Antithesis | Tanmay Goswami
This year Ampersand began its run with Antithesis, an event based on the greatest speeches in history. The participants were given a script of an exemplary orator’s famous speech and were expected to refute the premise of the given speech. The competition was held in online mode on Google Meet to allow outstation contestants to participate. “I thought the event brought out the best of oration against the words of the best of orators in everyone that took part,” said Ronak Singh, one of the event heads.
With fierce extempores loaded with substance and principles, one team was chosen the winner amidst loud cheers and thunderous applause. Despite lesser participation than what was expected, the event was incredibly fascinating and satisfactory, and overall an entertaining experience for everyone involved in it.
Turncoat | Eshaan Banga
Turncoat was one of the first events that took place at Revels ’22. It was a debate with a twist—Participants were given a topic 2 minutes before their turn and were required to change their stance in the middle of the argument.
Things got interesting when a few participants became so convincing while talking both for and against that they left the judges and audience confused. Interesting arguments were strewn across the stage, increasing the amount of tension in the air. Nevertheless, some participants were quite nervous and could not deliver as well as others. The highlight of the event was when a bewildered participant gave his speech and immediately realised that he had entered the wrong event. He stormed off furiously and caused quite a stir, although he publicly apologised for it later on. The entire incident was quite uncanny.
Overall, Turncoat was eventful and entertaining, with everyone involved having a delightful time. The participants did a great job, and the organisers made sure the event ran smoothly throughout.
Wordsworth | Sagarika Seshagiri
Wordsworth under Ampersand was a story writing competition with an unconventional spin on it. Contestants were expected to weave a story on the spot as a word was released to them every 30 seconds. The absence of any of the presented terms in the submitted story led to disqualification. The event concluded in under 30 minutes and was conducted in online mode. It was held on Day 1 and Day 2 of Revels.
The event attracted the attention of all writing enthusiasts with its exquisite challenge. Six contestants advanced to the final round out of the twelve that participated. “I was happy I made it through to the second round; it gave me a confidence boost”, commented Aparna, a second-year from MIT who took part in the event. The event tested the consistency in the flow of thought of the contestants and their ability to make sense of disconnected words.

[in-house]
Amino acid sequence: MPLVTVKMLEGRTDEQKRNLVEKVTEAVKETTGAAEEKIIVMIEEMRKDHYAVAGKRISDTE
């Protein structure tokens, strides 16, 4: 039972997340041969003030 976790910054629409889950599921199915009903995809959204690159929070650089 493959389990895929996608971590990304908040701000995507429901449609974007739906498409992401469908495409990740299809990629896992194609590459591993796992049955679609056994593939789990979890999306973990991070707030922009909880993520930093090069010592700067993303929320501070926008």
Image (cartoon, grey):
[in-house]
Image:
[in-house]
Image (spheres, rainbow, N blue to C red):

“The sheer amount of creativity, spontaneity, and ingenuity the participants showed in just 30 minutes was surprising and commendable”, responded Sristi, a CC for Ampersand. It unanimously turned out to be an engaging event and was conducted seamlessly.
Aircrash | Tanmay Goswami
With Aircrash, Ampersand nudged the participants to delve into the life of a fictitious or non-fictitious character assigned to them. In an exciting twist, a hypothetical air crash was simulated, and each participant was expected to make a case for themselves.
The event saw progressively iconic characters like Adolf Hitler and Mother Teresa sparring to convince the judges as to why they deserved to be given the sole parachute to survive the imminent plane crash instead of their opponent. In an intricate display of wordcraft and manipulation of moral arguments and logic, the two rounds of the event enjoyed good participation.
Overall, Aircrash was heaped with praises for its coherent organisation and was deemed a success in terms of quality of debate.
Reportage | Rhea Dsouza
Ampersand’s Reportage was conducted on two days of Revels, the 13th and the 15th. An invigorating event, Reportage consisted of two rounds, the first of which was an online photography event. Interested participants formed teams of 2-3 and were given an opportunity to let their pictures speak for them—the only rule being that they had to tell a story as a reporter would; the themes were ‘Night Life’, ‘Manipal Localities’, and ‘Nostalgia’. Participants were instructed to send in their submissions to a link, after which the judges determined the winner of the event by eyeing the creativity behind the photography, the quality of the picture, the portrayal of the subject, and the relevance of the theme.
The photograph above is just one of the many stunning entries made by participants. While the cameramen and their muses clicked well, the participants visibly made sure to not lose focus.
Round 2 of Reportage was a murder mystery. The top five teams from the previous round were made to look for clues placed strategically around the campus. Upon digging for their hints, the contestants were asked to delineate a plausible report summarising the events of the murder, based on the props they found. However, their primary opponent was time, as the players struggled to make stories out of their own findings after accumulating all the props. A truly adventurous event, Reportage was undoubtedly a success as the participants’ enthusiasm made it a memorable affair for all.
Image Credits: Photography and Videography Department of Revels’22
Featured Image Credits: Social Media and Graphics, Revels’22